Based on the 2014 full-year sales figures, MG Motor claims that the brand’s rebirth has been ‘highly successful’, and that MG is also the fastest growing automotive brand in the UK, with sales up 361 per cent year-on-year – AROnline’s Editor believes that, this time, it isn’t all smoke and mirrors…
A couple of comments on our news article about MG’s sales performance last year got me thinking. Yes, we’ve used an MG Motor press release for the basis of the story (it’s called work/life balance – all of AROnline’s Editorial Team contribute on a pro-bono basis and have other commitments besides our love for this site, the cars and the enthusiasts that fuel it) but, on this occasion, I have no concerns about the positivity of the language used.
Okay, so much of that growth can be attributed to adding a much-needed supermini to the MG line-up, as well as a more efficient diesel powerplant to the MG6 – but that only tells half the story…
In addition to the obvious product range improvements, that 361 per cent growth in sales is quite an achievement because it shows that, at long last, the MG brand is starting to invest in its UK presence, and is growing its dealer network. Less than 3,000 sales isn’t going to set the world on fire, but it is a starting point – and here’s why I believe that to be the case.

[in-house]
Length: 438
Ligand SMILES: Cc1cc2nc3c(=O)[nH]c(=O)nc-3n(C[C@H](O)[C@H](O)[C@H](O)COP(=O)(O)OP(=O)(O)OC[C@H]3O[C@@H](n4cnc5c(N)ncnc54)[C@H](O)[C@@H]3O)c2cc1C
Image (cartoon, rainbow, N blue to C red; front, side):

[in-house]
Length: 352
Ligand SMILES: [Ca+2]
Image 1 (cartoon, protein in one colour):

From January 2005 until May 2014 (with a 12-month sabbatical in Australia), my day job involved heading up the communications team for Chevrolet UK, from the very day we launched the brand through to its untimely (in my view) demise when General Motors pulled the plug.
In our best year, we sold 21,000 cars – and we did it from a zero base, saddled by the baggage of the hugely unfashionable Daewoo brand and some of the petty and pathetic prejudices that we still see all too often around lesser-educated people about a car’s country of origin. Yup, we sold Korean cars designed by a microwave manufacturer and cynically plastered with the century-old icon of one of the world’s best-loved car brands. Sound familiar?